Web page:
Wherein I relate odd bits of trivia I’ve either stumbled on or couldn’t fit into my posts. (But found too interesting not to share.)
—-You know about Woodstock and perhaps even the anti-Woodstock, Altamont. But have you ever heard of the woefully misnamed ‘Celebration of Life’ festival in tiny middle-of-nowhere McCrea, Louisiana? A better name for it might have been the Satan’s Descent Into Hell Festival.
According to an article, “the organizer promised acts such as the Rolling Stones, Beach Boys, Moody Blues, Pink Floyd, BB King, Ike and Tina Turner, and Sly and the Family Stone. The only well-known musicians who actually performed were Chuck Berry, Stephen Stills, WAR, John Sebastian, and Delaney and Bonnie.” Many acts were either never really booked or refused to play.
In late June of 1971, sixty-thousand people showed up for what was supposed to be an eight-day festival. But lack of shelter, legal problems and oppressive heat turned this concert into somewhat of a disaster. The bands played at night but festival goers “spent their days in misery seeking food, drugs, and shelter on the treeless, mosquito-infested grounds.” (As to why they didn’t just say the hell with it and go home, I can’t say.)
The heat and humidity were so devastating that people sought relief in the swift-moving Atchafalaya river in which four people drowned. There is actually a documentary about this fiasco which, if you’re so inclined, you can watch for two bucks. (Failing that, Google it and you’ll actually find some interesting “I Was There” stories.) For the record, the festival shut down after its third day and the promoter disappeared.
—-In February of 1964, the then-unknown Jimi Hendrix was looking for a band to play with. The Isley Brothers needed a guitarist and so hired him. On February 9, 1964, they all sat down to watch The Beatles first appearance on Ed Sullivan’s show. On February 10, 1964, Sam Phillips – discoverer of Elvis Presley, Johnny Cash, Jerry Lee Lewis and Carl Perkins – sold his Sun Studios. So, one era ends, another begins.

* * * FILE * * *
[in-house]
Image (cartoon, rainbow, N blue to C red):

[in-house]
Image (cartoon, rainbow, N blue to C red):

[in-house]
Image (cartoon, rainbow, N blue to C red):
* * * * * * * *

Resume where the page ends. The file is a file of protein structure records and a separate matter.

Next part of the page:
—-In the 1979 No Nukes movie, Tom Petty is interviewed. Since he went on before Springsteen, he was told that if it sounds like people are booing they are actually yelling “Bruce.” Said Petty, “What’s the difference?”
—Speaking of festivals, many concertgoers at Woodstock were daunted by the idea of working their way through the masses to see the show. Some were more resourceful than others. In his book about Woodstock, Michael Lang tells the story of three guys, two dressed in the standard Sixties denim outfit, the other one dressed more by chance in what one might call rock star finery. So, easily mistaken for a rock star and his roadies.
Stumbling on the area where helicopters were taking bands to the show, they figured what the hell, got on one of the copters and flew over to the site. They got to the venue and when a couple of hippie-types ran up to them, they were sure they were going to get caught.
Instead these guys came up and – thinking they had to be with some band or another – said, “Do you need anything?” and showed them around the backstage area, where the food tables were, etc. So, lesson learned. Dress and act the part and you can get away with some shit.
—Dick Rowe of Decca Records is the guy who chose not to sign the Beatles and supposedly told Brian Epstein that guitar groups were “on their way out.” Later, seeking a band to sign, he went to the Crawdaddy Club, saw the Rolling Stones and signed them. On George Harrison’s recommendation.
—–In May of 1985, after Mick Jones had left the band and long after they had become worldwide stars, The Clash went on a busking tour of England. For 2 1/2 weeks, armed only with acoustic guitars, The Clash “popped up under railway bridges and in subways to entertain [fans] with Monkees(!), Chuck Berry, Eddie Cochran, and Cramps songs.”
“We survived by our wits,” Paul Simenon says. “I remember we were in Leeds, it was 2 a.m., and it was outside this black club, and people were coming out and really digging us.” The group slept on fans’ floors and in cheap B&B’s. They survived on money thrown into their hats. Joe Strummer described it as “the best tour we ever did.”
Sources: The Road to Woodstock: From the Man Behind the Legendary Festival. Michael Lang with Holly George-Warren; Passion Is A Fashion: The Real Story of The Clash, Pat Gilbert.